Wednesday, 16 September 2009

Fig leaves

Would you want to wear a fig-leaf?  The other day I was talking to a friend about figs and figleaves, as you do, and the conversation brought to mind a newspaper article I had read years ago.  The article was about the relative sensitivity of different parts of the body and it was illustrated by a diagram with the various parts scaled according to their degree of sensitivity, something like this diagram.

A week later a letter was published expressing surprise that the man's genitals were omitted from the diagram, but then added, "On second thoughts, if you've ever felt the underside of a fig leaf, you shouldn't be surprised by this".

Out walking recently, I came across a number of wild fig trees and, with the conversation fresh in my mind, I inspected the leaves closely.  Sure enough, they are mildly abrasive.  They are also an odd shape.

Surely, hardly suitable to cover your dignity.  Where did this custom originate?  The edible fig was one of the first domesticated plants.  There is evidence they were first cultivated roughly 9000 years BC. It's original range was Iran, Pakistan and the Mediterranean region.

But in ancient Greek and Roman art, fig leaves weren't added to statues of the naked body.  Although Adam and Eve were said to have clad themselves in fig leaves when they realised they were naked, it wasn't until the Middle Ages that the prudery became common place.  From that time, new as well as many existing works were covered up.

When Queen Victoria saw the cast of Michaelangelo's David at the Victoria and Albert Museum, she was so shocked that a fig leaf had to be made to spare female blushes in future.  The fig leaf attached to David was half a metre high (but don't excite yourselves, David was 6 metres tall). Since then nudity has become more commonplace and the fig leaf has been removed.  It does however remain on display - in a case of its own behind the figure.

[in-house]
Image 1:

If you do ever have a chance to see the statue of David, do so.  It is  beautiful, with or without its figleaf.  But make sure it's the full size version because the smaller ones don't have the same impact.

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  1. It's definitely the fig leaf in the bottom of your photo that's used to cover up statues, isn't it? (The others would leave definite gaps.)
    David is fantastic, with or without leaf. And to be honest, at that scale, I almost prefer him with - my eyes start to water otherwise!

  2. Hi Catherine, I hadn't realised there were so many different types of fig leaf until I started looking. Yes, it must be the third because the other two would not be fit for purpose. When I first read your comment I admit I thought you said "the others would leave definite gasps". That too, of course. :)

    I saw David in Florence, and I can say this without a word of a lie, it is such an amazing sight that I couldn't have told you whether he had a fig leaf or not.

  3. I thought fig leaves were big and solid. All the pictures of Adam and Eve show them all covered. I have only seen pictures of David and they are breathtaking. He is breathtaking.

  4. Hmmm things cghange over the years and possibly in the distant past fig leaves may well have been different again. Adam & Eve also wore leaves 'sewn together,'so who knows what they looked like.
    There is a man near here grows figs in a south facing garden. I was surprised as I expected the weather to be to cold for them.

  5. @Max, they really are big, much bigger than my hand, but they are 3 - 5 lobed and the lobes vary in width and length. I didn't realise until I did my mini-study.

    @Adullamite, that's a good point. Figs from the biblical era could have been very different. I've never been entirely sure how Adam adn Eve would have achieved sewing in the Garden of Eden.

  6. Well they managed open chest surgery to remove Adam's spare rib - so presumably would have needed to learn how to sew to stich him up again )

  7. I have never seen him, the statue in person. I can only dream for now, fig leaf or not :) Great article, very informative.

  8. @j, very good point. Sewing fig leaves pales into insignificance.
    @PS, if you ever get a chance to seem him, it is very worth while.


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